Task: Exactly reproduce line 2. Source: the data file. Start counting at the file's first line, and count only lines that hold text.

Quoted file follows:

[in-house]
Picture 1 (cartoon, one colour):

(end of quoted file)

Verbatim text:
Picture 1 (cartoon, one colour):